Kim Philby, the man who was a heartbeat away from becoming head of the British Secret Intelligence Service (SIS), represents the greatest success story in the history of the Soviet intelligence. Philby’s efforts, such as providing the USSR with information critical to the development of nuclear weapons, were so damaging to the opposing camp that, according to former CIA officer Miles Copeland, "We'd have been better off doing nothing" during the years in which Philby was active.
Kim Philby, together with his comrades in the Cambridge Five, was driven purely by an ideological commitment to fighting for communism and against fascism.
The future intelligence agent was born on 1 January 1912, in the Indian city of Ambala, to British civil servant Harry St. John Philby and Dora Johnston. The firstborn son was named Harold Adrian Russell, but his father took to calling him Kim after the hero of Rudyard Kipling’s eponymous novel.
In 1924, 12-year-old Kim was sent to the elite Westminster School in England. According to his memoirs, it was at this deeply religious institution that he turned to atheism.
In 1929, Kim won a scholarship to Trinity College, Cambridge University. Then 17, he was already getting involved in the leftist strike movement and developing an interest in socialist ideas. The treachery of Labour Prime Minister Ramsay MacDonald, who abandoned the party in 1931 to form a coalition of conservatives and liberals, was the decisive event that pushed Philby to embrace communism.
In May 1932, Kim participated in the Cambridge Student Union debate, during which communist lecturer Maurice Dobb eloquently made the case that there is "more hope in Moscow than Detroit." Philby started attending communist meetings, where he was soon joined by Donald Maclean and Guy Burgess. Kim spent the £14 prize for academic excellence at Trinity College on the complete works of Karl Marx.
Maurice Dobb, one of Kim’s tutors in economics, preached the decline of capitalism and the triumph of communism, and inspired generations of future graduates with his eloquence. A founder of the British communist movement, Dobb was ardently devoted to the cause of the socialist revolution. His articles and books in praise of the Soviet Union were so widely read that an infuriated King George V unsuccessfully tried to have Dobb removed from the university in 1925.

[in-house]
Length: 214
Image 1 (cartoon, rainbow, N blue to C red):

In the spring of 1933, immediately after Philby’s graduation, Dobb wrote him a letter of recommendation addressed to the head of the Paris-based International Workers Relief Organisation (known as MOPR by its Russian-language acronym).
Armed with Dobb’s letter and his volumes of Marx’s works, Philby travelled from Cambridge to London. There, his father paid him £50 to proofread his latest work on the Arabian Desert. With this money, Philby bought a moped, which he rode to the continent, where the Left’s struggle against fascism was already underway. He set his sights on Vienna, which had become the front line in Hitler’s rise to power.
Colleagues from the MOPR gave Kim the address of a "very reliable comrade"
named Litzi Friedmann, whose parents lived in the center of the Austrian capital. The young woman’s dedication to the cause of the revolution was unshakable: the year before she had spent two weeks in prison for her communist activities, as the Communist Party was banned in Austria at the time.
Philby became a lodger in the house of Israel and Gisella Kohlmann, Litzi’s parents, and the pair soon embarked on a love affair. They were married at Vienna’s city hall in February 1934 Kim was 22 As soon as Litzi obtained her British passport two months later, Kim, with new wife in tow, crossed the Austrian border on his moped and travelled west through Germany.
Back in London, he temporarily settled with Litzi at his mother Dora’s house. Philby decided to make use of his Cambridge diploma and Trinity College connections to work his way up in the British government. Like many of his contemporaries, he started preparing for exams to enter the civil service.
However, Kim’s dreams for a career in the Foreign Office did not materialise. He had hoped to enlist the support of his former tutor in economics from Cambridge, Dennis Robertson, but to no avail. Philby gave up trying to secure a post in the Foreign Office and turned his attention to joining the Communist Party instead.